The implications for all of those people if they plead guilty, or if they are found guilty because they chose - wisely or unwisely - to fight the charges can be life changing: and never for the better. Getting tagged with a criminal conviction - even a misdemeanor criminal conviction - can have a lasting impact on job prospects, housing prospects, access to government services, and any number of other social stigmas associated with having   a criminal conviction.

The problems of not having public defenders available to provide legal assistance in misdemeanor court is neither a new problem, or one that hasn’t caused concern.

In fact, six days ago, a story by the Miami Herald about Katherine Fernandez-Rundle and Carlos Martinez, the Miami-Dade County Public Defender - who were both re-elected without opposition last Friday - had this to say about Martinez’s victory.

So when you have a criminal justice system that does not guarantee or provide representation by public defenders for misdemeanor defendants ,  and you’ve got a sizable number of misdemeanor criminal defendants who don’t speak English, much less have little if any knowledge of a foreign criminal justice system, then the ability to make an “informed and intelligent decision” pretty much goes out the window.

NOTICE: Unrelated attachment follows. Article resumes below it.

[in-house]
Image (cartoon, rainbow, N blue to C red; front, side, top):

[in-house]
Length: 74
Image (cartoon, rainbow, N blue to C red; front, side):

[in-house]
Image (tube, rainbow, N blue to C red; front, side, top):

The way the current system operate reinforces the drive to get defendants to quickly agree to pretrial diversion - with or without the ability to consult with an attorney - because the whole system is geared to running defendants through a process that treats them more like widgets on a conveyor belt with while lathering up the process with lip service being paid for the niceties of truth, justice and the American Way.

Given that the sheer volume of defendants could at any time overwhelm the the system if any number of them started saying, “I no speak English?  or “I don’t understand what’s going on here?” then the goal becomes getting people, in and out the door as fast as possible without too many questions being asked or answered.

And if the defendants don’t even know what questions to ask, that’s even better. 

So, the whole thing gets a fancy overlay of platitudes about “high standards of conduct,” while at the same time the people on the ground   treats the system like living in the Land of Oz, where nobody wants to look behind the curtain for fear that what they’ll find will cause nothing but headaches, heartburn and the expenditure of money that no one wants to spend.

Right now the judges in Miami-Dade County can’t get themselves a new courthouse, so what do you think would happen if they were given a choice between trying to get money for a new courthouse for themselves, or money for more public defenders in order to comply with the plain language of Florida Statute 948.08 that requires them to look out for the interests of misdemeanor defendants by making sure that ALL of them have had an opportunity to talk to a lawyer before they pop up in front of them?